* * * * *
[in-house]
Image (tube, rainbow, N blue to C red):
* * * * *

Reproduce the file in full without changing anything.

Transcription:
[in-house]
Image (tube, rainbow, N blue to C red):